Eruditorum Press

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Elizabeth Sandifer

Elizabeth Sandifer created Eruditorum Press. She’s not really sure why she did that, and she apologizes for the inconvenience. She currently writes Last War in Albion, a history of the magical war between Alan Moore and Grant Morrison. She used to write TARDIS Eruditorum, a history of Britain told through the lens of a ropey sci-fi series. She also wrote Neoreaction a Basilisk, writes comics these days, and has ADHD so will probably just randomly write some other shit sooner or later.Support Elizabeth on Patreon.

12 Comments

  1. BerserkRL
    October 3, 2013 @ 7:15 am

    What, no comments? Not even about Moore's Oz #18 cover?

    Reply

  2. Neo Tuxedo
    October 3, 2013 @ 7:20 am

    Arcade served as a rallying point for those cartoonists who were more concerned with their art than their bank balances,” although in the case of both Griffiths and Spiegelman (and for that matter Moore), it’s perhaps more accurate to say that they were concerned with the idea that the two might be interrelated.

    Or, to put it another way: "By necessity we must be self supporting. Popular media are bigger than fine art media. Aesthetic mediums must infiltrate popular mediums." (Gary Panter, item 10 of THE ROZZ TOX MANIFESTO)

    Reply

  3. Anton B
    October 3, 2013 @ 8:05 am

    I hope my lack of comment doesn't suggest lack of interest. I'm loving Last War in Albion and am blown away by the amount of research and detail Phil is including; for example his two or three paragraphs detailing the baroque history of the UK music weeklies suggested a man who, like me, in the 1970s ran to the newsagent every wednesday for his weekly fix of anarchic muso gossip, tour news and scandalous lies rather than the contemporary young American phd and Doctor Who nerd we know and love . By the way the 'comic strip section' of the 'inkies'* hardly took up an eighth of one page (usually under the letters column), it was hardly the Sunday funnies, so for Moore to get any kind of gig in that tiny space is impressive.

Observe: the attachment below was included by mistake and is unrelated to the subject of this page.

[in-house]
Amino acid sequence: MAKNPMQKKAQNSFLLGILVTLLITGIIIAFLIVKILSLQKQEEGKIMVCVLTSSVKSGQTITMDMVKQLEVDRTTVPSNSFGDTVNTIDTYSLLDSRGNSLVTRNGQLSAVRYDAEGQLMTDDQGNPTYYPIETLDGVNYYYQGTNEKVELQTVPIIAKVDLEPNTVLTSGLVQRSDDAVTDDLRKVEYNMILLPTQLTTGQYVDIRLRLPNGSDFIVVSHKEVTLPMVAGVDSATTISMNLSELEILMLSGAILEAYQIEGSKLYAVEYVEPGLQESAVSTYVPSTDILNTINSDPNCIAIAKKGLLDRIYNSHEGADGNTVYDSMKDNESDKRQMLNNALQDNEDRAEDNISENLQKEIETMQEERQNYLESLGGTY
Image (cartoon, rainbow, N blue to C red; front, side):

*So called because of the cheap newsprint which left one's hands as black as a coal miner's after few minutes reading.

    Reply

  4. C.
    October 3, 2013 @ 8:32 am

    Bill Griffith doesn't get enough credit for introducing the underground to the "straight" world. I recall when the Hartford Courant started carrying "Zippy" around 1985: they would run days' worth of letters of complaint, about it being weird, unfunny, creepy, etc. and the strip really bothered me at first, too, but then something clicked and I began to love it—so I dug around to find out about Griffith and that led to Crumb and Spiegelman.

    Reply

  5. jane
    October 3, 2013 @ 10:18 am

    Yup, reading and learning at this point — don't have much to say.

    Reply

  6. Elizabeth Sandifer
    October 3, 2013 @ 10:19 am

    To be fair, I spent four days trying to figure out what the hell to say about that cover. (Next post I get to Crumb and race.)

    Reply

  7. Dave